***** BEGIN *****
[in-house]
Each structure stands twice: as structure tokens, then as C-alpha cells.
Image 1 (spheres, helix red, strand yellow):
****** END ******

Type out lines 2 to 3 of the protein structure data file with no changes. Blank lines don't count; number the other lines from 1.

Each structure stands twice: as structure tokens, then as C-alpha cells.
Image 1 (spheres, helix red, strand yellow):